Less than a week after the horrifying mass shooting at Sandy Hook Elementary, then-President Barack Obama announced that his vice president Joe Biden would be heading up a task force to develop “a set of concrete proposals [for reducing gun violence,] no later than January.”
“This is not some Washington commission,” the president promised. “This is not something where folks are going to be studying the issue for six months and publishing a report that gets read and then pushed aside. This is a team that has a very specific task: to pull together real reforms right now.” So, serious stuff.
Biden met with victims’ groups and gun control groups at the White House. He conducted conference calls with “governors of both parties, and state and local elected leaders.” He took all their best ideas and wrote up his suggestions.
“Now is the Time: The President’s plan to protect our children and our communities by reducing gun violence” was a 15-page proposal that features all the well-worn — and often unconstitutional and/or ineffective — proposals we’d been debating for 20 years. The one conspicuous difference was the report’s heavy focus on mental health as a contributing factor to gun violence, something leading gun restrictionist Chris Murphy now calls “bullsh-t.”
In any event, in the second section, the Biden proposal says (emphasis added to the last line):
Maximize enforcement efforts to prevent gun violence and prosecute gun crime: The Attorney General will work with all United States Attorneys to continue to ensure that every appropriate resource is focused on preventing gun violence. To this end, the Attorney General will ask all U.S. Attorneys to consider whether supplemental efforts would be appropriate in their districts, in areas such as prosecutions of people who have been convicted of a felony and illegally seek to obtain a firearm, or people who attempt to evade the background check system by providing false information.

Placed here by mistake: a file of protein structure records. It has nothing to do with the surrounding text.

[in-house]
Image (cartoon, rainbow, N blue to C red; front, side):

In a Google “fireside chat” at the time, Biden noted that it was vital to “enforce the existing laws we have” and repeated numerous times the importance of shoring up background checks. Obama would come back to Biden’s reform suggestions on numerous occasions over the years, promising to look into “what kinds of authorities do we have to enforce the laws that we have in place more effectively to keep guns out of the hands of criminals.”
Considering Biden’s passionate advocacy for prosecuting those who evade existing gun laws, why does he believe there was “justice” in Hunter’s case? An intrepid reporter might want to ask him if he believes someone who brandishes an illegally obtained gun while on crack — and then attempts to dump that weapon in a garbage bin a few feet from a high school — deserves to walk away without any criminal record? Does that comport with his previous recommendations? Or has he changed his mind?
Curious to hear his thoughts.